(November 2018) Every month, the government sends out detailed reports about Labor Market numbers – especially the unemployment rate. But a number you don’t often hear about is the underemployment rate. Generally speaking, you can expect a region’s underemployment rate to be about five times its unemployment rate. Here in Alabama’s Workforce Region 2, the East AlabamaWorks region, the September 2018 unemployment rate was 4.1%. The regional underemployment rate averages 23.2%. While this number is not often reported in the news, it is an important metric in our efforts to help employers find workers to fill the many open jobs in the region.
Let’s start with understanding what “underemployed” means. Underemployed workers are employees who are working in jobs that underutilize their skills, training, and experience. These workers are not counted as unemployed because they do have jobs. People in underemployed situations are often looking for better jobs because they want to earn better wages in a better career that allows them to excel using their unique skills and talents.
There are many reasons that workers find themselves underemployed – lack of updated education or training, family obligations, personal choice, among others. Many underemployed workers may have been “downsized” in a previous career and discovered that their skills were not up-to-date enough to compete in the current job market. Most people have to work and generate some kind of income, so they take a lower-paying job to keep the bills paid while they figure out their next step. Unfortunately, that next step can sometimes be hard to find because skills training programs are not often offered in the evenings, or at odd times, when adult, working students need them. Furthermore, if they are already struggling to make ends meet in a low-paying job, how are they going to pay the cost of updating their skills? They can’t quit their job to take classes, but the classes they need are often expensive or are not offered when they are not working. Yet another cycle that keeps otherwise productive workers and contributing citizens from advancing into high-demand, high-wage careers.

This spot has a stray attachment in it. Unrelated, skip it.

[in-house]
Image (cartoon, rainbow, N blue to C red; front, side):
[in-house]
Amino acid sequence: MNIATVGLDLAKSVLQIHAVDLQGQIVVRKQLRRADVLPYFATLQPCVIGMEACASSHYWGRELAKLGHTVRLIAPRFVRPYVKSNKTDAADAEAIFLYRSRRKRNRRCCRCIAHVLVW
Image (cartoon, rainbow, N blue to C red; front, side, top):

The underemployed segment of our workforce is gaining more and more attention because of the current workforce gap. Employers, and companies looking to move into a community, recognize these workers as an untapped resource. When the unemployment rate is low, companies start looking to the underemployed due to the unrealized potential they represent. Companies often research the area’s underemployed population looking for specific skill sets and will choose a community even when there is a low unemployment rate.
Underemployed workers also represent a significant unrealized economic impact for the community. Think about it, 23.2% of our region’s workers are not living up to their real economic potential. Moving those workers from low-paying jobs into high-demand, high-wage careers is an economic windfall for everyone. The worker gets more money, which makes them better able to care for their family and home, which causes them to have more pride in themselves and their neighborhood, which improves the quality of the whole neighborhood – plus, they consume more goods, thereby paying more in taxes, which benefits the entire community in which they live, work, and play. Additionally, the employer gets a well-trained, highly-skilled employee who is very likely to stick around for a long time. Moving underemployed workers into a better employment situation also has the added benefit of opening up entry level positions that can be filled with younger, less skilled workers who will also eventually move up, allowing even more workers to enter the workforce and start the same process. A Win-Win for everyone.
So, that’s why you will soon start hearing more about underemployment and finding ways to offer education opportunities and skills upgrades to a segment of the workforce that has been underserved in years past. You sometimes hear people say that when the unemployment rate is low “everybody who wants a job has a job”. However, you’ll hear those of us in workforce development circles say “everybody who wants a job has a job…just not always the job they want”.
If you consider yourself underemployed and would like to learn a new skill or trade, or upgrade your current skills, there are some great resources to help you start your search. Contact your local Alabama Career Center and ask about Workforce Innovation and Opportunity Act-funded On-The-Job (OJT) training programs, Individual Training Accounts (ITA), and more; check in with the Gadsden State Skills Training Division about their short-term, non-credit training programs; or visit www.eastalabamaworks.com.
*Some of the information in this article comes from Alabama Department of Labor reports and from Alabama’s 2018 State of the Workforce Regional Report.*